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Diversity and inclusion allyship encouraged on campus

Students across campus are using their positions in student organizations to make Ohio University more inclusive. In a recent panel held by the Diversity and Inclusion team of the Ralph and Luci Schey Sales Centre, various panel members described their experiences and efforts across campus. 

Andrew Pueschel, director of diversity and internships at the Ralph and Luci Schey Sales Centre, conducted the panel, asking an array of questions to the students to inspire conversation. 

Vincent Eguakun, director of the diversity and inclusion at the Ralph and Luci Schey Sales Centre, felt compelled to make changes using his platform. So far he has created the team and held two workshops regarding diversity and inclusion. Eguakun felt empowered to make a change since he found his voice during the 2020 Black Lives Matter movements.

“I always hear that quote that you can say anything you want but if you don’t do it, then it doesn’t mean anything,” Eguakun said. “That’s all I thought about. I have to make sure I do something meaningful for the role.”

An organization actually taking initiative and following through in regards to diversity and inclusion, or D&I, was a common topic discussed in the panel. 

Ian Radwancky, Emerging Leaders president, decided to make a change in his organization. Radwancky was unhappy with the diversity in the organization, so he partnered with his D&I director to make Emerging Leaders more aware of how to be an ally. Radwancky said the organization partnered with Unified Sisters to educate the group on allyship and D&I practices.

“There’s also some very small things that make a bigger impact than people think,” Radwancky said. “Just listen … when someone of color comes to you with issues, don’t try to solve their problems. Just be there and listen … give support where you can.”

Radwancky said he is happy with the initiative Emerging Leaders has taken to be more diverse and inclusive but he believes there is definitely a lot more the organization can do.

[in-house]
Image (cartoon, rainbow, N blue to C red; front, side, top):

Panelists were from different ethnic backgrounds, races, gender identities and sexual orientations. Using the panel as a platform, Alina Taylor, president and founder of OHIO Pride Professionals, was able to reflect and describe personal experiences at OU.

Taylor saw a need for a professional development group in the LGBTQ+ community and decided to make one. 

“We wanted to stick out between providing professional development resources to the LGBT community and being also that advocate for answering those questions,” Taylor said. 

Taylor, along with Radwancky and Eguakun all saw a need to make diversity, inclusion and allyship more seen on campus. Allyship plays an important role in all student lives, and they all had something to say about it. 

“Allyship is something I love talking about because I think it's really meaningful,” Taylor said. “At least it means a lot to me when someone actually reaches out and says, ‘Hey how can I be better,’ not just like in general, like a good human being, like ‘How can I be better towards someone in your situation?’”

Eguakun said it’s important to make sure to hold everyone accountable for their words even when it’s uncomfortable, including oneself.

“Holding yourself accountable, just making sure you’re consistent and you’re not just picking and choosing when you want to care,” Eguakun said. 

Radwancky describes being an ally as listening and being supportive. He said it can be simple things like supporting fundraisers for multicultural groups or reposting things on your story. 

If one would like to support or join a multicultural group on campus more information can be found on OU’s website.

“It’s things that take a few seconds to do but it carries a lot of weight and there’s a lot of impact,” Radwancky said. 


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